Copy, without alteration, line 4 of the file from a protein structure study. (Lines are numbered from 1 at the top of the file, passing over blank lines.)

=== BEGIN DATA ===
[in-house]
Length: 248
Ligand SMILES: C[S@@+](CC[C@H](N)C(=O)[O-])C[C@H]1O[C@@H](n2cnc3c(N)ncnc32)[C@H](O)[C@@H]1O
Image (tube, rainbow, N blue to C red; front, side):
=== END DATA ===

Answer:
Image (tube, rainbow, N blue to C red; front, side):